With Obama Away, McCain Polishes Domestic Plans
STEVE INSKEEP, host:
And let's go next to Barack Obama's home base - Chicago - which is where we found NPR's Juan Williams for some analysis, live.
Juan, good morning.
JUAN WILLIAMS: Good morning, Steve.
INSKEEP: We just heard from Don Gonyea that this visit to Iraq didn't necessarily change Obama's position on the war. Do you think it is changing political perceptions of Obama at home?
WILLIAMS: It's not clear yet. I think this thing is still in the offing, if you will. So far, so good. No stumbles. And I think a lot of people were looking to see if there was any gaffe that would embarrass him as he mounts the international stage.
The key political question, Steve, is, you know, what American voters think, because polls have shown that foreign policy is a major point of doubt that voters have about Senator Obama. In polls, Senator John McCain is thought to know more about world affairs and more prepared to be commander-in-chief.
In specific, if you want to break it down, blue-collar voters in swing states are really looking at Obama here. They want to see is, you know, is this a fact-finding trip, is he listening? Or, as the McCain campaign has been suggesting, is it a photo op with Obama using the war zone and American soldiers as props.
And I think his own supporters want to know if this is really the first indication that he may change his position, his commitment, to ending the war. So lots of issues there.
INSKEEP: Why would blue collar voters be the ones that would be particularly concerned about Obama's foreign policy credentials?
WILLIAMS: Well, you know, I think they have the greatest doubts. He had the hardest time winning them in the primary process. And what you see when you look at the polls now is, again, this whole notion of experience is one that's creating the sense of risk or doubt about Senator Obama. And what's preventing him from, if you will, closing the sale with them, convincing them that, yes, they can trust him on domestic issues, but they can also trust him in terms of dealing with world affairs.
INSKEEP: So when you say blue collar voters, is that another way of saying white working class voters, as it was often put during the primary campaign?
WILLIAMS: You're so blunt, Steve.
INSKEEP: I guess so. I guess so. I'm curious about something, Juan Williams. I wonder if these candidates, on Iraq at least, are almost seeing a convergence in their views and their policies. John McCain thinks the surge has worked, that the increase in U.S. troops over the last year or more has worked. Iraqis seem to think so too and seem to think that that means that U.S. troops can prepare to get out of Iraq, which is what Barack Obama wants. Did they end up on the same page at some point, even though they would never agree to that?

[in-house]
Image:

WILLIAMS: Well, of course they would never acknowledge it. I think what you heard was Prime Minister Maliki over the weekend saying something like that. President Bush is now talking about horizons. Senator McCain saying with the surge working we can consider that, but we have to be sensitive to issues on the ground.
So he would never - Senator McCain would never agree to any kind of deadline or timeline for withdrawal, but what he is talking about is, again, emphasizing the success of the surge and making the point that Senator Obama was opposed to the surge.
So it's a back and forth there. But I think that the clear point - and here's the benefit for Senator Obama - he's driving much of this conversation. His emphasis on a timeline, it was not part of the conversation until he forced it to be. And now you have President Bush and Prime Minister Maliki talking in his terms.
INSKEEP: One other question before we let you go, Juan Williams. I want to ask about John McCain and the economy. His campaign has been in a little bit of trouble in recent days, as you know. Has McCain stabilized his message there? Do his advisors feel that he's - do his advisors feel that he's in a good position as far as the economy goes and the election approaches?
WILLIAMS: Well, no. I mean, they're still working on it. you know, he's - this week he's spending lots of time in swing states. And where is he going? He's going to grocery stores, hardware stores. He's going to talk about energy issues, health care. That's his way of trying to get a grip on that economic message that he's having trouble with.
And there's also some thought that maybe this week he would appoint or name a vice presidential candidate to try to steal some thunder from Obama while Obama's on his trip. And the names that are out there include people who would offer some expertise on the economy. People like Mitt Romney or Rob Portman.
INSKEEP: Juan, thanks very much.
WILLIAMS: You're welcome, Steve.
INSKEEP: Analysis this morning from NPR's Juan Williams.
NPR transcripts are created on a rush deadline by Verb8tm, Inc., an NPR contractor, and produced using a proprietary transcription process developed with NPR. This text may not be in its final form and may be updated or revised in the future. Accuracy and availability may vary. The authoritative record of NPR’s programming is the audio record.